Democrats Shouldn’t Count on Seeing an Anti-DeLay Vote
National Democratic strategists are trying to take a page out of one of their old playbooks in trying to “nationalize” the 2004 elections. If they could find the right national theme and get voters to buy into it, they would improve their (currently small) chances of achieving the double-digit gains they need to retake the House. [IMGCAP(1)]
The theme many candidates are using this cycle is “independence,” and they are employing Texas Rep. Tom DeLay (R) as their foil, arguing that the records of Republican incumbents aren’t very different from DeLay’s.
While the party was at least partially effective in 1996 in running against then-Speaker Newt Gingrich (R-Ga.), Democratic strategists face a much tougher time this year in their effort to turn the Majority Leader into a comparable boogeyman.
Yes, DeLay has received his share of bad publicity for controversial fundraising and spending decisions. But unlike Gingrich — and former Democratic Speaker Tip O’Neill (Mass.), whom Republicans caricatured in TV ads in 1980 — DeLay is still only the No. 2 Republican in the House.
While Democrats see DeLay as the mastermind of House Republicans’ strategy, and inside-the-Beltway observers are obsessed with the Texas conservative and his efforts to solidify the GOP majority in the House, most voters around the country think DeLay is a verb, not a proper name.
Yet Democratic Congressional candidates have been dropping DeLay’s name regularly in candidate interviews that I’ve conducted recently. They criticize their GOP opponents for voting “in lockstep” with DeLay, and note the percentage of votes on which DeLay and their opponent agreed.
Those Democratic challengers then try to close the loop by portraying themselves as “independent” and beholden to no one but their constituents.
Among the Democratic hopefuls to rely on this line have been New Hampshire 2nd district candidate Paul Hodes, an attorney and neophyte candidate who is challenging Rep. Charles Bass (R), and attorney and abortion rights activist Lois Murphy (D), who is challenging Rep. Jim Gerlach (R-Pa.).
Former state Rep. Jim Sullivan, who is running against Rep. Rob Simmons (R-Conn.), and Westport Selectwoman Diane Farrell, who is taking aim at Rep. Christopher Shays (R) in Connecticut, have also stressed their opponents’ alleged lack of independence.
Murphy and Pennsylvania 15th district Democrat Joe Driscoll have also called on their GOP opponents to return contributions from DeLay’s political action committee, and I assume other Democratic candidates will be doing the same thing.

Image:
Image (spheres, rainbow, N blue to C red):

The Democratic Congressional Campaign Committee deserves some credit for trying to come up with a unifying message, which is probably the only way to create a national political wave this year. And voters surely prefer “independent” thinkers and representatives to mindless robots.
But, count me as skeptical about whether this national message will have much of an impact.
First, if you can’t come up with your own campaign message (or indeed, if your theme is being centrally generated by party wordsmiths and operatives), why should anyone believe that you would be truly “independent” of your party?
And second, these candidates, and others who offered the same criticism of their opponents, all had problems identifying issues on which they were “independent” of their own national party. This obviously undercuts their message, which, I believe, really isn’t about independence as much as it is about disagreeing with their opponents on issues.
In 2000 and 2002, Democratic challengers tried running against GOP incumbents on a litany of issues ranging from prescription drugs to corporate responsibility, education, the environment and taxes. Democratic candidates are still talking about those issues (and others, of course, including fiscal responsibility and jobs), but they seem to be trying to do so in a broader context this cycle. That’s where the “independence” and DeLay messages come in.
The problem for Farrell, Sullivan and Hodes is that Shays, Simmons and Bass are generally regarded as three relatively moderate Republicans, and Bass has even drawn a primary challenge from a state legislator who complains that he is too liberal.
Democrats challenging the three New Englanders complain that the Republicans are more conservative than voters realize, and they point to data showing the three Representatives often vote with their party and with DeLay. But will voters really pay a lot of attention to DeLay with President Bush and Sen. John Kerry (D-Mass.) at the top of the ticket? It’s hard to imagine voters seeing their House race as a referendum on DeLay, given the dynamics of the cycle.
Both parties have used the “independence” argument in the past when it suits them, and they will continue to do so in the future. It’s an appealing message, particularly when voters are concerned about one party having too much power in Washington.
But let’s not kid ourselves. Think about how few mavericks there really are in Congress. Most Representatives toe the party line when they arrive on Capitol Hill, even if they truly believe that they will be independent. And for most candidates, their message of “independence” is all form — a mere campaign tactic — and no substance.
Stuart Rothenberg is editor of the Rothenberg Political Report.